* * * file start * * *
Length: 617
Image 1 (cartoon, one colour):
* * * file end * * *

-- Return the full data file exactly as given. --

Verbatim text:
Length: 617
Image 1 (cartoon, one colour):